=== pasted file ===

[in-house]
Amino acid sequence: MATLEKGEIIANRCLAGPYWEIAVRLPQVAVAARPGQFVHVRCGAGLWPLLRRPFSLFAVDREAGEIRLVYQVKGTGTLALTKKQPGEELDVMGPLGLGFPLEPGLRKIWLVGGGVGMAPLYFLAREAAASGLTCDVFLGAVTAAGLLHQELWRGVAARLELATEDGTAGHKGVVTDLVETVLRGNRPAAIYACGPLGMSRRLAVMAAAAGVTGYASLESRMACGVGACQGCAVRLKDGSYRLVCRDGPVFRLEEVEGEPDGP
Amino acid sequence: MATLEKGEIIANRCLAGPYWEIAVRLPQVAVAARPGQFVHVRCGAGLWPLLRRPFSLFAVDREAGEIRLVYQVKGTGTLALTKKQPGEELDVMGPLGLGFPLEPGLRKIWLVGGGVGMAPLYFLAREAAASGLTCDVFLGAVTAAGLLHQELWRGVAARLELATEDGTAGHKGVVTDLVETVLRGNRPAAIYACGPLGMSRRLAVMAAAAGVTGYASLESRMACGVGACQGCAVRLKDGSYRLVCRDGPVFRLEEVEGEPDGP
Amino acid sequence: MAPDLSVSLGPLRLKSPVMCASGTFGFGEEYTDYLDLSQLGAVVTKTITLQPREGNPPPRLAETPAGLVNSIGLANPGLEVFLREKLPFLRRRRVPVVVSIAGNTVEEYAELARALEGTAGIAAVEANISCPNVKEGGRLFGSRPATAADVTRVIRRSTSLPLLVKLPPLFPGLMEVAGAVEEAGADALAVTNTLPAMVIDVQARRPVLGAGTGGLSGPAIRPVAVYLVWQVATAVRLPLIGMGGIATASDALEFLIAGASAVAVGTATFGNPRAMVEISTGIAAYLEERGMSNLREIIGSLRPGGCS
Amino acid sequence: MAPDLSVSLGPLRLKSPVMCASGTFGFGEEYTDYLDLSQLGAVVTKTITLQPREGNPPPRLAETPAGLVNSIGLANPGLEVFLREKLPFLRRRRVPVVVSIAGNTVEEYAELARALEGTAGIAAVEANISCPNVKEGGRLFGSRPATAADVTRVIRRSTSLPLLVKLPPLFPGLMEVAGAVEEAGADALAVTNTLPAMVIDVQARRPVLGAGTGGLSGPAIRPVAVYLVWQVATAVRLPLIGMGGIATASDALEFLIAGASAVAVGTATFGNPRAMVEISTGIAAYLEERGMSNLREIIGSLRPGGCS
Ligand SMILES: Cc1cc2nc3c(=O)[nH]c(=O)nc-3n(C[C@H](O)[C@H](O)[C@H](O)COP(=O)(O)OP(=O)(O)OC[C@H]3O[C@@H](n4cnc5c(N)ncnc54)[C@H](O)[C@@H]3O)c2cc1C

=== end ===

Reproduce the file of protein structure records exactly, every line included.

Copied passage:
[in-house]
Amino acid sequence: MATLEKGEIIANRCLAGPYWEIAVRLPQVAVAARPGQFVHVRCGAGLWPLLRRPFSLFAVDREAGEIRLVYQVKGTGTLALTKKQPGEELDVMGPLGLGFPLEPGLRKIWLVGGGVGMAPLYFLAREAAASGLTCDVFLGAVTAAGLLHQELWRGVAARLELATEDGTAGHKGVVTDLVETVLRGNRPAAIYACGPLGMSRRLAVMAAAAGVTGYASLESRMACGVGACQGCAVRLKDGSYRLVCRDGPVFRLEEVEGEPDGP
Amino acid sequence: MATLEKGEIIANRCLAGPYWEIAVRLPQVAVAARPGQFVHVRCGAGLWPLLRRPFSLFAVDREAGEIRLVYQVKGTGTLALTKKQPGEELDVMGPLGLGFPLEPGLRKIWLVGGGVGMAPLYFLAREAAASGLTCDVFLGAVTAAGLLHQELWRGVAARLELATEDGTAGHKGVVTDLVETVLRGNRPAAIYACGPLGMSRRLAVMAAAAGVTGYASLESRMACGVGACQGCAVRLKDGSYRLVCRDGPVFRLEEVEGEPDGP
Amino acid sequence: MAPDLSVSLGPLRLKSPVMCASGTFGFGEEYTDYLDLSQLGAVVTKTITLQPREGNPPPRLAETPAGLVNSIGLANPGLEVFLREKLPFLRRRRVPVVVSIAGNTVEEYAELARALEGTAGIAAVEANISCPNVKEGGRLFGSRPATAADVTRVIRRSTSLPLLVKLPPLFPGLMEVAGAVEEAGADALAVTNTLPAMVIDVQARRPVLGAGTGGLSGPAIRPVAVYLVWQVATAVRLPLIGMGGIATASDALEFLIAGASAVAVGTATFGNPRAMVEISTGIAAYLEERGMSNLREIIGSLRPGGCS
Amino acid sequence: MAPDLSVSLGPLRLKSPVMCASGTFGFGEEYTDYLDLSQLGAVVTKTITLQPREGNPPPRLAETPAGLVNSIGLANPGLEVFLREKLPFLRRRRVPVVVSIAGNTVEEYAELARALEGTAGIAAVEANISCPNVKEGGRLFGSRPATAADVTRVIRRSTSLPLLVKLPPLFPGLMEVAGAVEEAGADALAVTNTLPAMVIDVQARRPVLGAGTGGLSGPAIRPVAVYLVWQVATAVRLPLIGMGGIATASDALEFLIAGASAVAVGTATFGNPRAMVEISTGIAAYLEERGMSNLREIIGSLRPGGCS
Ligand SMILES: Cc1cc2nc3c(=O)[nH]c(=O)nc-3n(C[C@H](O)[C@H](O)[C@H](O)COP(=O)(O)OP(=O)(O)OC[C@H]3O[C@@H](n4cnc5c(N)ncnc54)[C@H](O)[C@@H]3O)c2cc1C